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Jury who convicted man of laundrette murder wrongly denied chance to consider manslaughter charges, court hears

By Alan Erwin

Published 16/11/2016

Fred McClenaghan
Fred McClenaghan
Marion Millican who was shot dead by former partner Fred McClenaghan in 2011

A jury who convicted a man of murdering his ex-lover in a laundrette shooting were wrongly denied the chance to consider alternative manslaughter charges, the Court of Appeal heard.

Lawyers for Fred McClenaghan argued there was enough evidence to back his claim to have accidentally killed Marion Millican during a struggle in Portstewart, Co Derry in March 2011.

Judgment was reserved in the 54-year-old's attempt to have his murder conviction overturned for a second time.

Mrs Millican, a 51-year-old mother of four, was fatally wounded by an antique shotgun blast after being confronted by McClenaghan at her place of work.

He claimed his intention had been to take his own life in front of her.

McClenaghan, formerly of Broad Street in Magherafelt, has twice been unanimously convicted of the murder.

His original conviction was quashed on a technicality and a retrial ordered.

However, in 2014 he was again found guilty of murder after the prosecution rejected a plea to manslaughter.

McClenaghan's legal team are now arguing that a misdirection during the retrial rendered the process flawed.

Although the jury considered a lesser charge of manslaughter by diminished responsibility, it was contended that they should also have been asked to adjudicate on the same offence on two alternative grounds: gross negligence or unlawful act. 

McClenaghan was absent as his second appeal against conviction got underway.

Senior judges were told he did not want to be produced from prison where he is serving a minimum 16-year sentence.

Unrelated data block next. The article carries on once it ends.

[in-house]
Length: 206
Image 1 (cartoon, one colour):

Setting out grounds of challenge, defence counsel argued there had been strong evidence to put the alternative charges of manslaughter by gross negligence or unlawful act before the jury.

John McCrudden QC set out how, in the immediate aftermath of the shooting, his client had described the gun going off during a struggle.

The barrister also referred to a statement McClenaghan provided during police interviews where he claimed his intention was to have Mrs Millican witness his own suicide.

The defendant expressed remorse for what he said was his former lover's accidental death, the court was told.

The three appeal judges, Lord Justice Gillen, Lord Justice Weatherup and Madam Justice McBride, heard the account given at trial by a co-worker in the laundrette.

She recalled McClenaghan entering, firing a first shot into the ground, "shouting and roaring like a mad man" and trying to get Mrs Millican to go outside to talk.

Mr McCrudden contended this amounted to strong evidence meeting the criteria for both unlawful act manslaughter and gross negligence manslaughter.

"He (McClenaghan) entered the cramped surroundings of that laundrette with a loaded shotgun," the barrister said.

"He's a man coming in looking quite angry, to put it neutrally, discharging (the gun) into the ground and he's pulling and struggling with her.

"It's inconceivable that these two matters should not have been left to the jury."

Following submissions Lord Justice Gillen pledged to deliver judgment in the appeal as soon as possible.

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